Analysis: KELVIN ESIASA
THE lamentation that President Barack Obama shared during the memorial Service at Dallas cannot go without picking key lessons that are vital for building peace in the global community. The recent killing of five police officers in Dallas has left many Americans very devastated.
People are now wondering if the recent shooting at the police officers in USA is now a new war that America should start fighting against. There are many lessons that can be picked from President Obamaâ€™s speech at the memorial service.
The first lesson is that we should value the lives of policemen and women who guard us day in, day out. During the memorial service Obama said: â€œScripture tells us that in our sufferings, there is glory, because we know that suffering produces perseverance; perseverance, character; and character, hope. Sometimes the truths of these words are hard to see. Right now, those words test us because the people of Dallas, people across the country are suffering. Weâ€™re here to honour the memory and mourn the loss of five fellow Americans, to grieve with their loved ones, to support this community, and pray for the wounded, and to try and find some meaning amidst our sorrow.â€
Secondly, we should respect the police and make their job easier. As Obama said, like any police officers across the country, the men that died in Dallas shared a commitment to something larger than themselves. They werenâ€™t looking for their names to be up in lights. But they wanted to protect the innocent and weak in society so that society became safer for everyone. So this teaches us that we need to respect the men and women in uniform so that they perform their job diligently.
Thirdly, we should unite when calamity strikes the community. During the shooting in Dallas, the Americans, both black and white, united to save lives. President Obama told the mourners: â€œDuring the shooting everyone was helping each other, one witness said. And it wasnâ€™t about black or white. Everyone was picking each other up and moving them away. See, thatâ€™s the America I know. The police helped Shetamia Taylor as she was shot trying to shield her four sons. She said she wanted her boys to join her to protest the incidents of black men being killed.â€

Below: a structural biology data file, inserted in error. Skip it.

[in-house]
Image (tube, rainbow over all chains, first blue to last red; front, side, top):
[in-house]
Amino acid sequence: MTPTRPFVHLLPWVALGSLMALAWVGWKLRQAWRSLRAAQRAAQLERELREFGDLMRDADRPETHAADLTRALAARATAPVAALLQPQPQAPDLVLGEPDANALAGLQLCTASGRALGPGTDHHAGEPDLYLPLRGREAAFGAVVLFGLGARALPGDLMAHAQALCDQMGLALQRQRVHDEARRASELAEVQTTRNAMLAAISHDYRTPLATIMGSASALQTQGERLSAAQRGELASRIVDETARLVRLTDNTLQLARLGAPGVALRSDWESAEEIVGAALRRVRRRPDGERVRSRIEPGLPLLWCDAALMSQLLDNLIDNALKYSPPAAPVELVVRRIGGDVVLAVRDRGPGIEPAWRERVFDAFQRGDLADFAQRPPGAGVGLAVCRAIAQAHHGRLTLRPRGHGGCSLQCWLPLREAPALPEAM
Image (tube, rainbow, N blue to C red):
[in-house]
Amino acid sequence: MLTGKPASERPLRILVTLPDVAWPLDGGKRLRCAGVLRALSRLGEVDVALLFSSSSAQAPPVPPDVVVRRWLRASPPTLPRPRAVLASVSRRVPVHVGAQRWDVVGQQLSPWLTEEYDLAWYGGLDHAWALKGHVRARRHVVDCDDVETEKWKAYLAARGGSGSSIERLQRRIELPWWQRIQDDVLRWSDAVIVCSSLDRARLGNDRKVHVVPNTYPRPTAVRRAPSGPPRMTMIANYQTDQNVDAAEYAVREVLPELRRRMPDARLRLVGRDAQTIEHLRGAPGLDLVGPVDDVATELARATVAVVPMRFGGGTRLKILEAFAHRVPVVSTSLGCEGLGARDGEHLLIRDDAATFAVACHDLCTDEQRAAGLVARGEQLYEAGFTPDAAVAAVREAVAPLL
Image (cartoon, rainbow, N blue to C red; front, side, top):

Fourthly, we should not expect too much from the police. As Obama puts it, the police are human like any other person. Community should not expect all the best from the police and shift the personal responsibilities to the police. Obama told the congregants that communities are flooded with so many guns that it is easier for a teenager to buy a gun than get his hands on a computer or even a book. And then we tell the police, â€œYouâ€™re a social worker; youâ€™re the parent; youâ€™re the teacher; youâ€™re the drug counsellor.â€ We tell the police to keep those neighbourhoods in check at all costs and do so without causing any political blowback or inconvenience; donâ€™t make a mistake that might disturb our own peace of mind. And then we feign surprise when periodically the tensions boil over.
In conclusion Obamaâ€™s address to the mourners at Dallas is a wake-up call to everyone and encouragement that we should all wake up and protect our communities. We cannot take the blessings of a nation for granted. Only by working together can we preserve family and community, rights and responsibilities, law and self-government that is the hallmark of the nation. We should make our righteous anger be transformed into more justice and more peace.
The author is president, Zambia Society for Public Administration and Society for Family Business.
Analysis: KELVIN ESIASA